Splunking Through IBM i Log Mysteries
March 16, 2015 Alex Woodie
Tracking down problems in the modern data center can be an exercise in extreme patience. Today’s mantra of “loosely coupled yet tightly integrated” sounds great theoretically, but doesn’t give you much to go on things start to fail. When the going got tough for one multi-billion-dollar ecommerce operation that relies heavily on the IBM i server, it turned to Splunk to sort it all out.
Splunk made a name for itself as a provider of next-gen power tools that enable IT administrators to collect, analyze, and search vast sums of log files generated by a multitude of systems. Instead of trying to track the log data using Excel or grep (a Unix command line utility), Splunk Enterprise provides a powerful and intuitive interface to correlate and make sense of the mess of data coming in.
The IBM i server is one of the log-file-generating servers that customers can monitor with Splunk. In a case study titled Finding Order(s) in the Chaos, Splunk detailed how a large IBM i shop successfully deployed Splunk Enterprise to track down and fix problems occurring within its complex IT system.
The problems stemmed from the retailer’s use of multiple, custom-built, ERP applications that face both internally and externally, including ordering systems running on IBM i, transaction processing systems running on Tuxedo, a webMethods enterprise service bus, and generous helpings of JMS and MQ messaging services and XML documents, all hooked together in a loosely coupled services oriented architecture.
The retailer’s setup evolved over the years and could scale to tremendous heights. (The retailer did not give Splunk permission to use its name, so it’s only described through its figures: $25 billion in annual revenue, more than 90,000 employees in over 25 countries). However, the non-uniformity of the system made tracking down problems a real bear.
“Whenever orders went missing,” Splunk says in the case study, “troubleshooting issues through such a complex stack was a laborious task that required extensive IT resources over long periods of time. Since the IT systems involved–SOA, EAI-connected and platform-based services–were loosely integrated and the underlying data generated was siloed, tracing a particular customer’s transaction end-to-end was nearly impossible.”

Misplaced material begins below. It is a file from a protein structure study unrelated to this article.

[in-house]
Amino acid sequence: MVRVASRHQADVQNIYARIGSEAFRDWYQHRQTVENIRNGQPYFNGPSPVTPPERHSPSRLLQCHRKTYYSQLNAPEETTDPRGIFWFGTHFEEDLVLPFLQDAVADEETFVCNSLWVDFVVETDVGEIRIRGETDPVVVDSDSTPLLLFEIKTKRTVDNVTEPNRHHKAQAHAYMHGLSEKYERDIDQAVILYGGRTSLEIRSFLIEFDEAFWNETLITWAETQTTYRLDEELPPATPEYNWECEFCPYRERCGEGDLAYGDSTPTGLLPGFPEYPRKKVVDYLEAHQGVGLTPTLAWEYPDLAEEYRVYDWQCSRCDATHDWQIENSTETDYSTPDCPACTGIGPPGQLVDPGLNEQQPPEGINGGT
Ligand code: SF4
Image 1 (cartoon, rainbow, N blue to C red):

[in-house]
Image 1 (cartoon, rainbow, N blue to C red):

Compounding the problems was the fact that multiple applications had common fields, used but different identifiers, which made it extremely difficult to correlate data. “As a result,” Splunk says, “issue tracking and resolution often took weeks or longer, which undermined productivity and customer satisfaction.”
Instead of ripping out a working enterprise system in the hopes of gaining greater uniformity, as so many IBM i shops have attempted to do over the years, the retailer decided to bring in Splunk Enterprise, which features a powerful NoSQL database that’s able to store and correlate massive amounts of unstructured data.
The retailer uses the Splunk Processing Language (SPL) to extract relevant data from the various servers, and to build end-to-end traces for purchase orders as they traverse the entire system. One of the key advantages that Splunk brought the retailer was it was able to generate a unique transaction ID for each order.
A number of dashboards were also built that enable the retailer’s IT and business users to visualize orders as they progress through the system. These dashboards were critical for achieving the “management by exception” required for tracking problems occurring in an environment that processes 4 million orders per hour.
Splunk says that, by giving the retailer the capability to track customer orders, it has prevented up to 100 lost orders per week, with a corresponding $900,000 in annual revenue recovery. Splunk provides other benefits as well, including the capability to see when service level agreement obligations have been violated.